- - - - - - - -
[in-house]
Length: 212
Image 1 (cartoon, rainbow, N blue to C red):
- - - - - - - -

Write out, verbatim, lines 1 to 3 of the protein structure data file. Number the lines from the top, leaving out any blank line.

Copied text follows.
[in-house]
Length: 212
Image 1 (cartoon, rainbow, N blue to C red):